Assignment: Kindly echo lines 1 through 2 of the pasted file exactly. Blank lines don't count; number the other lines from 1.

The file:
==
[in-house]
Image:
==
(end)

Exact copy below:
[in-house]
Image: